In the beginning there was not just one but many. Monotheist religions place their own unique god at the start of everything, but the primordial soup where human culture took shape began churning a long time before the ‘Word’ (logos) came to distinguish between the truth and its alternatives.
This is why pantheons in ancient religions are always crowded with plural and ambiguous gods: because also the origins of humans are murky, plural and ambiguous. From this muddy bed, where the baby cannot yet be distinguished from the bathwater, there spring primordial creative energies. Things, not yet completely formed, fluctuate in a state of ‘existential imbalance’ which made them become, and generate, other from themselves.
Ometeotl, the ancient Aztec god who was the creator of everything, fully belongs to this initial stage of humanity. His nature is dual, with a male person, Ometecuhtli, and a female, Omecihuatl; to turn to them, composite expressions must be used, such as “he/she”.
Not because of a problem of translation but because of the impossibility to import the plural narration of the ancient world into the modern concept structure which – though secularised – has been moulded by the monistic stories of Middle East religions.
Mexican art and design are the heirs to the creative flow that springs from the dual figure of Omecihuatl (literally, “mister/miss two”), through the procaryotic multiplication of “imperfect” projects which are the opposite of the Latin idea of per-fectum (“done”, “finished”, “closed”).
Lively Mexican design prefers syncretic objects with an open identity, such as the Miss Susan wooden tray by Cecilia Léon de la Barra which, with restraint, reveals sophisticated visual instability.
It is not by chance that such remote inclinations return at the start of the third millennium. After the long modern development, our ‘reticular’ age provides again the ideal growth medium for a proliferation of open pluralities that not only grow locally but branch out globally.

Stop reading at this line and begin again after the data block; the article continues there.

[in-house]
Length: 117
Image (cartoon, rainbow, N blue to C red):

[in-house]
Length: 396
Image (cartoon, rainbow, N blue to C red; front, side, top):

This can be seen in projects such as the Porin coffee table by studio Mob, or the Mono mirror by Cooperativa Panorámica which, on one side, are in line with the contemporary macro-trend of the elementary disassembly of the object, on the other, bear an idea of destructured and ‘not normalized’ design.
But tracing back all of Mexican creativity to the hot blood of their Aztec origins would be reductive. Also the cultural assimilation process cold-bloodedly imposed by the Conquistadores played a fundamental role in shaping the South-American visual narration.
The unresolved encounter between the chaotic forces of the ancient world (that generate but cannot be controlled) and the general principles of modern world (which regulate but cannot generate) is expressed in projects reflecting refinement but also brutalism, such as the Ambra lamp by David Pompa, where the built rigour of geometrical fragments is combined with the material restlessness of gravelly substances.
Even more explicit is the Binomios del Comité de Proyectos collection (Andrea Flores and Lucía Soto) which, particularly in the coffee table, sets sections of hot magma onto a cold and skeletal bearing structure, to express the contradictory way by means of which culture masters nature: turning it into its opposite.
Such a composite landscape explains the contrast that stems from the co-existence of items such as Gualdras by Caterina Moretti (studio Peca), made with a single block of wood, and a seat of patently functionalist origin such as Cas.bah from the atelier Nomade.
Which, in a series of designs, among which the Luz lamp, plunges the blade even further into the blend between order and chaos, designing items that appear to have been conceived starting from pre-technological technical principles.
Along the same line there is the Nuñez piece by studio Mob that places mystical linear structures on heavy stone bases, custodians of the geological memory of our planet. Islands with a partial order left by the fragmentation of modern rationality, drifting on flows of thick and primordial energy: this is the new Mexican design, now playing its game globally thanks to the topicality of its origins.
While the modern narrative describes the world’s beginning as being by a single god, the story recounted by Aztecs about themselves is exactly the opposite, calling themselves “people of the sun” (the Aztec word “mexxica” seems to refer to the sun) since they were in charge of postponing the end of the universe every 52 years, with ceremonies that also included human sacrifices.
If, after finishing this rite, at the dawn of the fifty-third year the sun rose again, it meant that a sufficient quantity of life had been offered to the gods, to placate the destructive/creative threat that always loomed over, and nourished, human culture on earth
Article Stefano Caggiano